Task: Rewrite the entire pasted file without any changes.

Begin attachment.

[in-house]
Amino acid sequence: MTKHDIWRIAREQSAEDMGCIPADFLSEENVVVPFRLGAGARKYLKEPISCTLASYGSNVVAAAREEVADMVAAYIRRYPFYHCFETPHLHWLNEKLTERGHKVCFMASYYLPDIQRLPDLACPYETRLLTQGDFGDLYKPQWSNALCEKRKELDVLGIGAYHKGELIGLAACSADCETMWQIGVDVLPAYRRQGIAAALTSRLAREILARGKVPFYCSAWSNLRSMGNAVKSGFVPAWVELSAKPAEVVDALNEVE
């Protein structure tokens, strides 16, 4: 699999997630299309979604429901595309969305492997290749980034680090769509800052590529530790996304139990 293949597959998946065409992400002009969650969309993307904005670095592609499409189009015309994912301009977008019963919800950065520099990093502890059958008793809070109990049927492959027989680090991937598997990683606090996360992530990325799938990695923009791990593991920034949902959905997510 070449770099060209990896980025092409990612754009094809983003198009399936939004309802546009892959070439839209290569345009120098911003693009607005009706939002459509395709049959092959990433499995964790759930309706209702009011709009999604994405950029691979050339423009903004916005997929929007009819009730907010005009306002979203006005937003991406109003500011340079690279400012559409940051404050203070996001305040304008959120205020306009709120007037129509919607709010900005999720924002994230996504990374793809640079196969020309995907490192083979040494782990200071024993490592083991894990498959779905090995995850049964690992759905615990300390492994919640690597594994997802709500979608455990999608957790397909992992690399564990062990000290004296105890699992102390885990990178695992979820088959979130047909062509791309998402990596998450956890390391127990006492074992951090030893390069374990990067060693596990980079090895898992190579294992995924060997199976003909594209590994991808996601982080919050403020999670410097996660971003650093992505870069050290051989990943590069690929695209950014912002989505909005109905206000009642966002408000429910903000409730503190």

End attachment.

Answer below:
[in-house]
Amino acid sequence: MTKHDIWRIAREQSAEDMGCIPADFLSEENVVVPFRLGAGARKYLKEPISCTLASYGSNVVAAAREEVADMVAAYIRRYPFYHCFETPHLHWLNEKLTERGHKVCFMASYYLPDIQRLPDLACPYETRLLTQGDFGDLYKPQWSNALCEKRKELDVLGIGAYHKGELIGLAACSADCETMWQIGVDVLPAYRRQGIAAALTSRLAREILARGKVPFYCSAWSNLRSMGNAVKSGFVPAWVELSAKPAEVVDALNEVE
């Protein structure tokens, strides 16, 4: 699999997630299309979604429901595309969305492997290749980034680090769509800052590529530790996304139990 293949597959998946065409992400002009969650969309993307904005670095592609499409189009015309994912301009977008019963919800950065520099990093502890059958008793809070109990049927492959027989680090991937598997990683606090996360992530990325799938990695923009791990593991920034949902959905997510 070449770099060209990896980025092409990612754009094809983003198009399936939004309802546009892959070439839209290569345009120098911003693009607005009706939002459509395709049959092959990433499995964790759930309706209702009011709009999604994405950029691979050339423009903004916005997929929007009819009730907010005009306002979203006005937003991406109003500011340079690279400012559409940051404050203070996001305040304008959120205020306009709120007037129509919607709010900005999720924002994230996504990374793809640079196969020309995907490192083979040494782990200071024993490592083991894990498959779905090995995850049964690992759905615990300390492994919640690597594994997802709500979608455990999608957790397909992992690399564990062990000290004296105890699992102390885990990178695992979820088959979130047909062509791309998402990596998450956890390391127990006492074992951090030893390069374990990067060693596990980079090895898992190579294992995924060997199976003909594209590994991808996601982080919050403020999670410097996660971003650093992505870069050290051989990943590069690929695209950014912002989505909005109905206000009642966002408000429910903000409730503190």